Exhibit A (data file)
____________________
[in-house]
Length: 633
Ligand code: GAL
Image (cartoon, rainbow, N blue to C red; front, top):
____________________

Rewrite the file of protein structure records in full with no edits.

[in-house]
Length: 633
Ligand code: GAL
Image (cartoon, rainbow, N blue to C red; front, top):